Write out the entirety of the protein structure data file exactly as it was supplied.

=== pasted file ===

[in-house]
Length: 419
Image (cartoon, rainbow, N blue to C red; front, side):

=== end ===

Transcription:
[in-house]
Length: 419
Image (cartoon, rainbow, N blue to C red; front, side):